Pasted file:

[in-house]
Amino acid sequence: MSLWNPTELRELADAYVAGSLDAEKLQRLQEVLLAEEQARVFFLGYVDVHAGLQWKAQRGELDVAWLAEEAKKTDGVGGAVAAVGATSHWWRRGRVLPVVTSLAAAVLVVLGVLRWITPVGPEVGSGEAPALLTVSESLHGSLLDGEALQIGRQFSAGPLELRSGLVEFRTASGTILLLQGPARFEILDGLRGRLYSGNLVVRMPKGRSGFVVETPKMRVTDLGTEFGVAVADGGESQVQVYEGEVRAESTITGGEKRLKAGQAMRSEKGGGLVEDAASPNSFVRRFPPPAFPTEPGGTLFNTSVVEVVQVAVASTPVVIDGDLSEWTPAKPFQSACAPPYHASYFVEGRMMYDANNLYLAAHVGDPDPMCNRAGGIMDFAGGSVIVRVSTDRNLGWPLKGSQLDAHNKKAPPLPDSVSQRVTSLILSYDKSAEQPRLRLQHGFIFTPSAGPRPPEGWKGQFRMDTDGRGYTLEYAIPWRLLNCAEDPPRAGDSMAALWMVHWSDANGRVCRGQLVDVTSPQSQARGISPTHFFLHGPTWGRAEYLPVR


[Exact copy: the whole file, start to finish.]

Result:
[in-house]
Amino acid sequence: MSLWNPTELRELADAYVAGSLDAEKLQRLQEVLLAEEQARVFFLGYVDVHAGLQWKAQRGELDVAWLAEEAKKTDGVGGAVAAVGATSHWWRRGRVLPVVTSLAAAVLVVLGVLRWITPVGPEVGSGEAPALLTVSESLHGSLLDGEALQIGRQFSAGPLELRSGLVEFRTASGTILLLQGPARFEILDGLRGRLYSGNLVVRMPKGRSGFVVETPKMRVTDLGTEFGVAVADGGESQVQVYEGEVRAESTITGGEKRLKAGQAMRSEKGGGLVEDAASPNSFVRRFPPPAFPTEPGGTLFNTSVVEVVQVAVASTPVVIDGDLSEWTPAKPFQSACAPPYHASYFVEGRMMYDANNLYLAAHVGDPDPMCNRAGGIMDFAGGSVIVRVSTDRNLGWPLKGSQLDAHNKKAPPLPDSVSQRVTSLILSYDKSAEQPRLRLQHGFIFTPSAGPRPPEGWKGQFRMDTDGRGYTLEYAIPWRLLNCAEDPPRAGDSMAALWMVHWSDANGRVCRGQLVDVTSPQSQARGISPTHFFLHGPTWGRAEYLPVR